Myrtle Beach Is Using Personalized Video to Attract Targeted Travelers
Myrtle Beach, SC
Many consumers have come to expect a degree of personalization in digital marketing. Rarely, however, are those personalized communications via video, which is often viral and effective.
This wasn't the case for the Myrtle Beach Convention and Visitors Bureau (CVB), which is dedicated to driving tourists to the South Carolina coast—also known as the Grand Strand. The marketers at the CVB's Visit Myrtle Beach website know the value of video in the destination vertical, and also recognized the benefits of personalized, relevant marketing. The organization decided to marry the two; it chose Eyeview, a personalized video advertising solutions provider, to support its new marketing efforts.
Visit Myrtle Beach aimed to promote the area as the perfect spring getaway. But to stand out from other destinations' marketing, the organization planned to highlight specific attractions and promotions based on targeted customers' behavioral, demographic, and geographic data.
Scott Schult, EVP of marketing at Visit Myrtle Beach, saw the potential in using customer data to tailor video messaging, with the added goal of tracking the videos' performance in a given segment. Eyeview's dynamic video personalization engine proved instrumental in realizing this goal.
“The best way to sell a destination is through video and we've cultivated several types of video assets to that end,” Schult says. “Eyeview gave us the ability to customize video text and creative to be more relevant to the segments we're targeting.”
“We started [the campaign] during the winter season to drive demand to the Myrtle Beach area,” Schult says. A significant portion of Myrtle Beach tourists hail from the Midwest and North Eastern regions—areas especially affected by the fierce longevity of the winter months. So, Visit Myrtle Beach crafted an original video featuring sunshine, smiling faces, people in shorts, and myriad Myrtle Beach attractions. The organization then sent the video asset to Eyeview for personalization.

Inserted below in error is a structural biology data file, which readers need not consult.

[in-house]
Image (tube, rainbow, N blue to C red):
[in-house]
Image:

Visit Myrtle Beach used data to segment potential tourists based on demographics, location, and even weather. Based on those segments, Eyeview's technology rendered more than 400 variants of Visit Myrtle Beach's video. “Each ad is a video ad in its own right. There's no Flash overlay tech involved,” says Erik Schear, executive director of sales at Eyeview.
For this campaign in particular, a brief message was added toward the end of the video. The message changed depending on the location of the user, as well as the name of the nearest airline with a non-stop fight to Myrtle Beach. The videos ran in-stream as pre-roll ads. Creative was also customized depending on the customer segment, with golfers served different content than families or couples, for instance.
Using programmatic ad buying, Eyeview bought pre-roll ad spots on various websites prospective Myrtle Beach tourists patronized, says Amit Mashiah, SVP of marketing at Eyeview. “[Our focus] is…post-impression activity. How many people viewed the ad and visited site? How many leads did the ad generate? How many led to sales?”
The personalized video campaign performed like a ray of sunshine in heating up interest in the area. The videos generated more than 45,000 clicks to VisitMyrtleBeach.com, and had a 28% click-through rate to Visit Myrtle Beach advertisers' sites—better metrics than any of the company's other display efforts.
“When I started in this capacity digital advertising was only about 10% [of our marketing],” Schult says. “Now [digital] is closer to 70% and our TV budget decreased by 20% in 2014 to move those assets to digital video [where] we can target and measure more effectively.” In fact, Visit Myrtle Beach recently completed another campaign with Eyeview, with yet another slated for this summer.
Embolded by the success of the campaign, Schult plans to venture further into video through social. “We've already started working on social videos that are shorter and themed around how to travel like a local, and things like that,” Schult says. “If a picture is worth a thousand words, you have to wonder what a video is worth.”